In this issue, as often happens, there were some surprising congruences among the ten featured openings, though each was chosen entirely on its own merits. For me these chance similarities highlight the vast range of theme and style that fiction offers, by demonstrating how the same elements can be used in dramatically different ways.
Two of the openings take place in America in the 1970s, and in each one a parent of the protagonist has recently died. In SHATTERPROOF GLASS, by Ann Faison, a teenage girl is devastated by her mother’s death; on an evening when the lights go out all over Manhattan, she contemplates a world she has known all her life, grown suddenly unfamiliar. Before that, however, a Prologue set four years later foreshadows the transformative friendship that will ultimately, and painfully, pull her into a new stage of life. In RAZED, by Thatcher Carter, the protagonist has reached adulthood, but the death of her estranged father in upstate New York—and his high-society funeral, where she feels like an outcast—brings back a host of disturbing earlier memories. Supported by a woman who is her partner in both business and love, she must uncover and face the ramifications of her family’s past actions.
Two of the openings are historical novels, taking place in 15th-century Italy and the Levant in the 12th century. These settings are very different, yet both openings feature ailing protagonists who drift in an out of consciousness, rescued by figures who, to the protagonists, are profoundly alien. In Virginia Crow’s POISONED PILGRIMAGE, a young man from Wales journeys to Italy in the hope of a miraculous cure for his affliction. He faints outside of Florence and is rescued by an idealistic, domineering monk named Girolamo Savonarola—soon to become one of the most influential figures in Italian history. Cher Holt-Fortin, in THE SCALPEL AND THE PEN, introduces a Welsh knight wounded in the bloody Battle of Hattin, which took place in 1152 between European Crusaders and Saladin’s Muslim army. An Arabic physician takes him in and introduces him to his sister—who has also studied medicine, to the knight’s astonishment.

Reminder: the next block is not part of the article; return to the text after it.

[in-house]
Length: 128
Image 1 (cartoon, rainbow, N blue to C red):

Speculative fiction about the ravages of climate change is becoming ever more pertinent, and two of this issue’s openings fall into this category. Both concern humanity’s relationship with the natural world and our connections to plants and animals. In 108, by Dheepa R. Maturi, a journalist in near-future San Francisco, a city plagued by drought and wildfires, inexplicably finds herself transported to a forest in India where she grew up. Even more puzzling, she is physically connected to this forest, which is being devastated by a terrifying scourge. Reconciling these two endangered worlds becomes her urgent goal. In ARCHITECTS OF A BETTER EXISTENCE, by Jessica Bryant Klagmann, an Alaskan researcher whose job is to track caribou in a rapidly changing landscape must also figure out what’s happening to her deteriorating botanist father, who has delved into the connections between humans and plants and discovered a secret with potentially world-altering consequences.
Two of the issue’s openings play with time and immortality, pondering the repercussions if humans could find a way to live forever or—a variant on the same concept—to travel in time. In VITA, by Rachel Klein, a man in the 22nd century must venture into the frightening city of Old Venice, outside the world’s connected zone, to find his son, who, unlike him, has rejected the world’s use of Aeterna, a treatment that allows humans to live forever, in favor of anti-tech subversion. V. J. Knipe, in HER BORROWED GRAVE, tackles the same problem from the opposite direction, so to speak, by posing the question of what would happen if two people from Britain’s 6th century were magically kept alive for centuries and then awakened in present-day York, to the bewilderment of the city’s modern inhabitants and the consternation of its forensic scientists.
Two of this issue’s openings explore the fracturing of reality by focusing on trauma—though they approach the subject from very different perspectives and in very different settings. In DIMITRI AND THE WORM, Malcolm Chang tackles the controversial real-life figure of Dimitri Tsafendas, who in 1966 assassinated South Africa’s Prime Minister, the architect of Apartheid. Delving into Dimitri’s troubled childhood in Egypt, Chang shows the far-reaching effects of parental neglect and untreated mental illness on an outsider who can’t find help. Lynne Cook, in THE SHACK, addresses what has become for Australians an all-too-common phenomenon: the missing child. Her protagonist, a woman who has married into an abrasive and ever-increasing family, feels deeply reluctant to have a child, in part because she can’t escape the trauma of her past, when her younger sister vanished from a crowded beach, never to return.
As I wrote this Introduction I kept spotting more similarities among these ten openings, but to discuss them all would be to reveal too much. I hope that readers will enjoy discovering for themselves all the shared themes and striking contrasts within this collection of transporting tales!
— Ursula DeYoung, Founding Editor
Table of Contents
RAZED – Thatcher Carter
DIMITRI AND THE WORM – Malcolm Chang
THE SHACK – Lynne Cook
POISONED PILGRIMAGE – Virginia Crow
SHATTERPROOF GLASS – Ann Faison
THE SCALPEL AND THE PEN – Cher Holt-Fortin
ARCHITECTS OF A BETTER EXISTENCE – Jessica Bryant Klagmann
VITA – Rachel Klein
HER BORROWED GRAVE – V. J. Knipe
108 – Dheepa R. Maturi